While it may be easy to dismiss this alliance between white nationalism and neoliberalism as a marriage of political convenience, it has deep-rooted discursive foundations. Almost two hundred years ago, English jurist Henry Maine argued that the move from status to contract was an equalizing one; it allowed low status individuals to choose something better for themselves. And part of the neoliberal normative claim has always been that “free” markets benefit minorities and other historically oppressed groups most of all. In Capitalism and Freedom, Milton Friedman’s ode to the free market, he wrote, “the general rules of private property and of capitalism have been a major source of opportunity for [Black people] and have permitted them to make greater progress than they otherwise could have made.” 

I center Milton Friedman here because his mid-twentieth century arguments against “government schools” and in favor of consumer choice are credited as providing the “intellectual foundations of the modern school-choice movement.” Moreover, as the historian Nancy MacLean has recently argued, Friedman’s approach to education helped empower white supremacists to continue their opposition to Brown vs. Board of Education in more palatable, more constitutionally viable, terms. They learned from Friedman that “all they had to do was cease overt focus on race and instead deploy a neoliberal language of personal liberty, government failure and the need for market competition in the provision of public education.” 

For the putative educational-turned-racial (or racial-turned-educational) libertarian, then, the fundamental claim is that a free market has the capacity to satisfy all “tastes” in racial education. Those with a taste for critical race theory can choose a school that provides it. Those with a taste for uncritical race theory can choose that too.  According to Friedman, Rufo, and the like, the result of this choice will be more freedom and less inequality.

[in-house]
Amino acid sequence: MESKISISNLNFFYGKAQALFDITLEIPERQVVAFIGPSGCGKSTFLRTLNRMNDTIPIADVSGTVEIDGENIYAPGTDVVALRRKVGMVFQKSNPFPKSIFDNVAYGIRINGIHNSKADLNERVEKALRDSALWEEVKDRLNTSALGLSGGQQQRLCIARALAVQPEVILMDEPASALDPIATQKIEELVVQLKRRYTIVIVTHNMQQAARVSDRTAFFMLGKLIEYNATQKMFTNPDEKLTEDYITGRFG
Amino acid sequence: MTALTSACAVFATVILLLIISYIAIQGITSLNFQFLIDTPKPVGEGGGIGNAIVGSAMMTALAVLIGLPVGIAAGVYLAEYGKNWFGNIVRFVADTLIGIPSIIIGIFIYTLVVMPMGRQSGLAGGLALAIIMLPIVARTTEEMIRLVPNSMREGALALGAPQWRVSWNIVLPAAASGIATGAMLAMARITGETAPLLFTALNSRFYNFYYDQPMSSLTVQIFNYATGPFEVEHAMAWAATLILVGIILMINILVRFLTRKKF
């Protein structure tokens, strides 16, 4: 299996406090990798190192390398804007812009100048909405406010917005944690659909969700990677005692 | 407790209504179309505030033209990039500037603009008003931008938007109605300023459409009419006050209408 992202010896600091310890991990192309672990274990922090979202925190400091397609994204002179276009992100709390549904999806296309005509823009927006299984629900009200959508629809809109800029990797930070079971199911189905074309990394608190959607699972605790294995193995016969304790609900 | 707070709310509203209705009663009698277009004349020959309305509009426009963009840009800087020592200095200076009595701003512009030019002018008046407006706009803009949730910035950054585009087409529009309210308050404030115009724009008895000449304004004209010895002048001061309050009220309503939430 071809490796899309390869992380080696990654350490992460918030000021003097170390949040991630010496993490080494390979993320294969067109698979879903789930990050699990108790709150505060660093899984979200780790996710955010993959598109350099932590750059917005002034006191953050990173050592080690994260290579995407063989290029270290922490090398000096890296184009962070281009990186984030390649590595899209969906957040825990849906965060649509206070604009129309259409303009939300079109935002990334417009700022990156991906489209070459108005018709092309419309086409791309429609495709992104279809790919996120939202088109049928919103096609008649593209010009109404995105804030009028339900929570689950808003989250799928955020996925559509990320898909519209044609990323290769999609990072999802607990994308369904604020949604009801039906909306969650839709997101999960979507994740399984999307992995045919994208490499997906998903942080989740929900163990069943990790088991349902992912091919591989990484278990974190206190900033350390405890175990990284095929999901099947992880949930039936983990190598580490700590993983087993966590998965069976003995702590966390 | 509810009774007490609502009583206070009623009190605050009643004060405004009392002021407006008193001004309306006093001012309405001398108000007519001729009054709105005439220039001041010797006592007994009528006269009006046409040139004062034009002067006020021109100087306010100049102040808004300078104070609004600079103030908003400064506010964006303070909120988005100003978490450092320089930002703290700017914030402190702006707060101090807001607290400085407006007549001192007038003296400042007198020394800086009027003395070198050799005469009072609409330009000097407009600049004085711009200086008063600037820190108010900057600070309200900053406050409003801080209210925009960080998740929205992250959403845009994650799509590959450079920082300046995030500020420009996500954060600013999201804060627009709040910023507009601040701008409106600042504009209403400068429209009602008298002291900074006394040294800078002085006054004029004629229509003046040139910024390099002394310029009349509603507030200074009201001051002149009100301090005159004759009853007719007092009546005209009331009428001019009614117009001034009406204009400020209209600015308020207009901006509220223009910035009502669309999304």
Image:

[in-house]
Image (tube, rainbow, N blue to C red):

The problem, of course, is that we live in an interconnected society, “the inescapable network of mutuality” once described by the Rev. Dr. Martin Luther King, Jr. It seems unlikely that the polity can survive a choose-your-own-adventure approach to racial education. Moreover, for those who believe in democratic governance, the abandonment of the difficult work of cultivating shared public values in favor of market “choice” is troubling. Finally, from an anti-subordination perspective, it strains credulity that an education system in which money is directly (rather than just indirectly) tied to educational quality would do anything to improve the lives of poor students of color.

There is more at stake in these debates than just educational quality, though. Arguably, one remnant of the neoliberal era, which even some on the left have yet to shake, is an overly-romanticized vision of education as a panacea for inequality. But educational disparities often do as much to justify inequality as to cause it, and increasing levels of inequality in the United States are largely attributable to bad jobs, not bad education. As such, it is important to remember that public schools are sites of public employment too.

As sites of employment, public schools could not be more consequential. Education is one of the most union-dense sectors in the entire economy. And those unions—with their warts, and their imperfect historiesare nonetheless a major source of countervailing power within an unequal United States. In the ongoing legal and ideological battle against teachers’ unions, racialized arguments also abound. But as I recently wrote on this blog, contrary to the conservative argument that unionized teachers deprive poor Black and brown kids of educational opportunities, data shows that union density increases socio-economic mobility in the next generation. Perhaps even more importantly, unions protect the livelihoods of working-class Black and brown people.

Under current conditions and absent radical labor law reform, a move towards more privatized schools will almost certainly mean decimation of these unions, and in turn, a sharp decline in working conditions. In the wild west of deregulated charter schools—the gig economy of the education world, where everything is the same except the working conditions—this is already evident. Only 11% of charter schools are unionized. And charter school teachers tend to make less, work more, have greater turnover, and report lower job satisfaction than teachers in traditional public schools.

The anti-CRT hysteria will ultimately abate, but it will leave in its wake whatever structural changes it foments. It will also leave behind a set of ongoing questions about the relationship between racial equality, liberal democracy, and markets. Should we each be able to choose what our children learn about race? Or does that question perhaps obscure a more fundamental one—who gets to decide what choices are available to us in the first place?